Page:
At GenCon this year, when I was running the Legacy of the Stonelords, I had a player with a high level hunter. When she started adding in flanking to her ranged attacks, I stated that you didn't get flanking for ranged attacks - she replied that it was a hunter ability, and that it hadn't been changed from the play test when the ACG came out the previous day, as she had checked. Seeing how she knew her build and the rules surrounding it, I didn't question the other things that seemed a bit surprising to me - but I did read up on the hunter class the next morning - cause what she had done seemed cool, and I wanted to know those rules for the next hunter that sat at my table.

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Jenter, the Happy Swordsman wrote:

Here's a situation that's been in the back of my mind for a while, but now seems appropriate to the discussion:

This alias is my 3rd-level bloodrager. Sooner or later, he's going to hit 4th level, and gain some spellcasting ability. There's a good chance I'll take burning hands as a spell known, to deal with swarms and whatnot. At that point, I fully expect to encounter some disbelief from GMs when I cast it (for reasons you'll see in a minute).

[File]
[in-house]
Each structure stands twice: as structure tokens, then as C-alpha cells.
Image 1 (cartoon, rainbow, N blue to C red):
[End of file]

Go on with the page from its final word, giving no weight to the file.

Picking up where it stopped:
My approach is very similar to Nosig's approach - Cool, how did you do that?

Jiggy, is there any reason why you can't be proactive as a player, rather than have the GM draw out one tidbit at a time?

New version:
Me: Yikes a swarm/troll/whatever! Okay, I cast burning hands.
GM: Wait, weren't you raging?